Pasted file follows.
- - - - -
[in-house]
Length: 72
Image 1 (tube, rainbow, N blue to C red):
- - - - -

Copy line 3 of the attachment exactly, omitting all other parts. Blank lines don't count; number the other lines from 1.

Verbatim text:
Image 1 (tube, rainbow, N blue to C red):